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Orlando shooting proves that the fight for LGBT rights is nowhere near over

Orlando shooting proves that the fight for LGBT rights is nowhere near over

June is a significant month for the lesbian, gay, bisexual and transgender community. The 1969 Stonewall riots occurred toward the end of the month; it’s been deemed Pride Month in honor of the event. It’s also the month that gay marriage was legalized across the U.S. in 2015. Now, however, it will be significant for another reason.

The country’s deadliest mass shooting in history occurred on Sunday, June 12 at approximately 2 a.m. in Orlando. Gunman Omar Mateen walked into Pulse, a gay nightclub, opened fire and killed 50. Another 53 people were injured.

When gay marriage was passed by the Supreme Court on June 26 of last year, things seemed to be turning around. States with deep histories of slavery, lynching and killing people of color as well as members of the LGBT community were now marrying gay couples. Pope Francis, the leader of the Catholic Church, an institution well known for its conservative views, stated “Who am I to judge?” when asked about gay marriage. Canadian Prime Minister Justin Trudeau became the first prime minister in history to march in Toronto’s pride parade.

Despite these great steps towards equality across North America, the LGBT community has a long way to go. Just the other day, while in class, I overheard someone making fun of a trans peer that sat a table away.

“I don’t know what that thing is,” he sneered.

I grimaced, trying to pretend I didn’t just hear that.

It’s things like this, snide comments and dirty looks, that still prevail across this country. Sure, a man can legally marry another man anywhere in the U.S., but they’ll still be oppressed. Mateen’s father told the media that his son became angry after seeing a man kiss another man, and that’s what caused the attack.


Mateen witnessed two human beings showing affection in a simple way and was so enraged by it that he just had to violently kill 50 people who were dancing, singing and enjoying life in a safe space?

According to data released by the FBI, there were 5,922 single-biased hate crimes reported in 2013, and 20.8 percent of them were based on sexual orientation. When France legalized same-sex marriage in 2013, LGBT hate crimes there increased by 30 percent. It seems like for every step the LGBT community takes forward, another two steps are taken backward.

This shooting is proof that, for every victory minorities in this country celebrate, there will always be people who tear that happiness away. If this country as a whole doesn’t stand together during tragedies like these and recognize the pain that the LGBT community has felt not only today but throughout history, nothing will change.

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  1. Avatar

    Ms. Taylor Crehan,
    First off, thank you for trying to form the same opinion everyone has formed today. This tragedy speaks to the stuggles still facing the LGBT community of which I am a part of. From what I’ve seen, you’ve collected some very nice facts.
    Otherwise, I’m offended because you are speaking for a community you don’t seem to identify with and can not express the stuggles of. you speak of a Trans peer but what about you? Did you say something? Do you even know their name? No? Then you’re part of the problem.
    I opened this article hoping to learn something or identify with someone but all I’ve learned is that you think the tragedy was bad. Have you ever talked to someone going through this struggle? Have you ever had to come out to you family or community? Have you ever been afraid to hold someone’s hand because of the street your on?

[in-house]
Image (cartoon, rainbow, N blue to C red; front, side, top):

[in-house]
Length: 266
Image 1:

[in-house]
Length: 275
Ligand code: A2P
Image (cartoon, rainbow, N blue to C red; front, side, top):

Next time, lets be a little more sensitive and insightful of the community you’re trying to represent and not compare it slavery.

  2. Avatar

    Ms. Crehan did a good job of expressing her opinion on this tragic incident. One does not have to be gay, lesbian, transgender, or bisexual to have compassion and pose an opinion on this incident. If more people had an open mind like her, we would be doing better as a society.

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    No, I’m sorry, but the first commenter was right. The problem is that many “allies” are OK with being bystanders. Ms. Crehaan, you see the snide remarks and intolerance that lead to things like this tragedy happening. But what did you do? Just “grimaced and pretended you didn’t just hear that” and post about it on social media later on? This article is offensive because no, we don’t need someone to stand up for a community online if they can’t do it in the real world. The students who made those comments in your class, are bigots, yes, but they are also ignorant. You, however, are not. Which makes your inaction more detrimental to the community than theirs. This is part of the problem. The LGBTQ++ community doesn’t need “allies” to sit at home and write opinion articles in a school newspaper. We need people to stop being bystanders and take some action. If more people did THAT, then we would be doing better as a society.

  4. Avatar

    Misguided piece. What Ms. Crehan fails to point out is that this shooting had little to do with civil rights and was mainly rooted in Islamic Radicalism. The shooter, who was more than likely struggling with his own sexual preference, killed in the name of jihad. After the shootings there was a moment of unity that this country has not shared since 9/11. A moment that was quickly torn away from opinions like these. There will never be harmony, if there exists such a thing, until we are quicker to point out what unites us rather than what divides us.

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